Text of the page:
Death and taxes, according to Ben Franklin, are life’s only certainties. If Jim Flaherty gets his way, though, we won’t be paying taxes much longer, and according to Ray Kurzweil, we soon won’t be dying either.
Kurzweil, a self-proclaimed “futurist,” is so enamoured of technology’s attempts to beat back the cold hand of the Reaper, he believes that the person destined to live forever is alive right now. He even suspects it might be him. Advances in the field of genetic engineering and nanotechnology have convinced folk like Kurzweil that mortality is yesterday’s news.
But here in the real world, people keep dying. And while biologists tinker in their labs, more mundane technology is popping up in the marketplace designed to profit from the inevitability of death.
Websites like www.deathclock.com or www.deathtimer.com pop up every now and then in my inbox, luring people who want to know, statistically, when they’ll die. There’s even a life expectancy calculator on the Canadian Business website, where morbid curiosity is disguised as sensible pension planning.
But these sites are just cool applets based on the law of averages. Sites such as www.mylastemail.com and www.letterfrombeyond.com say much more about our anxiety about death and our relationship to information technology. They invite you to pre-write a message from beyond the grave to your loved ones, which these sites will deliver. There’s nothing really new in this. Even the multimedia version consisting of a Web video has been seen before as the VHS tape will.
The new angle is that we would entrust the Web with such a task. The death of a loved one is placed in the same context as spam e-mails from Nigeria and messages from your colleagues spelled without capital letters. In a classic postmodern way, these websites frame life-and-death events as blips in the endless stream of information supplied by the Web.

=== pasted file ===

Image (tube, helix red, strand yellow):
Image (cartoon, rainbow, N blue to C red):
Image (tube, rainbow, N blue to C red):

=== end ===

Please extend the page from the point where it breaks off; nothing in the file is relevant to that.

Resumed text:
Technological advances have also wormed their way into the physical infrastructure of the death industry. Why spend eternity in an environ-mentally disastrous rainforest mahogany coffin when EcoPod (www.ecopod.co.uk) offers high-tech coffins made of 100 per cent pressed recycled paper. You can even get one that’s surfaced with moss.
You can also order coffins these days with LCD screens on the inside of the casket that give people at a visitation a “more innovative method of paying your respects to the recently deceased.” The screens can play PowerPoint highlights from the person’s life, music videos, even an interactive quiz on how well you knew the deceased.
The fun doesn’t stop when the person is lowered into the ground. VidStone (www.vidstone.com) is a start-up company pushing the use of video screens set right into tombstones for an eternally looping bio. The Serenity Panel is solar-powered and costs around $2,000. Although he hasn’t sold any units yet, inventor Sergio Aguirre is optimistic that the trend will take off.
It’s comforting to know that the tried and true tradition of sitting around with family members telling stories and having a good cry is still robust in the face of the digital alternative. If you combine Kurzweil’s wish to download his consciousness into a computer to live forever with VidStone’s LCD, maybe we’re not so far from interacting with video screens in ways that would make Marshall McLuhan squirm.